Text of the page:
Introduced from Australia, dense and fast-growing eucalyptus trees were planted by the thousands in California beginning in the 1800s. Driven by the booming demand for construction materials during the California Gold Rush for structures, rail ties, ships, and even fuel, investors had high hopes that the trees would provide a get-rich-quick business opportunity. Stands of eucalyptus were planted along the coast, somewhat ironically, to serve as windbreaks.

Back in the safety of my bedroom, I heard a loud crash so jarring I thought a tree went through the living room. A branch of the eucalyptus ripped off and tumbled into the nearby brush. Another sustained gust of wind shook the walls, this one like a train barreling toward us. Our kitchen table is small but sturdy and as far as one can get from the trees near our front door. I tucked underneath it with my dog. Am I overreacting? I questioned myself. Sometimes during an emergency it’s a fun pastime to gaslight yourself. Another explosive crack. This time followed by a scream. Then sirens.

Tasmanian blue gums, Eucalyptus globulus, can grow upward of 150 feet. Rainfall the week prior to the windstorm saturated the soil, the ground became softer, and roots had a harder time holding their footing, especially in the face of unseasonably high winds pushing against a heavy, tall tree. This particular atmospheric river and bomb cyclone were supercharged by El Nino and climate change.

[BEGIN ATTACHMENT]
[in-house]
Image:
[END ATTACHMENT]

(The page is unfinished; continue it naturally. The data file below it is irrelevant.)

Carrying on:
Eucalyptus tree segments removed post February 2024 storm. (Courtesy Rachel Kippen.)

When the intervals of gusts finally subsided, I rushed to my bedroom window. My neighbor’s unit was smothered under the canopy of a fallen tree. A eucalyptus over 100 feet tall had fully uprooted, its trunk knifing through a four-plex two doors down. While there were no casualties, units remain unlivable today. Police officers walked door to door with flashlights in the rain evacuating neighbors under the tree’s footprint. I did not comprehend the extent of the damage until daybreak. Though it remained standing, I walked around the eucalyptus next to my house with great reverence for the next several days. I still don’t look at it the same.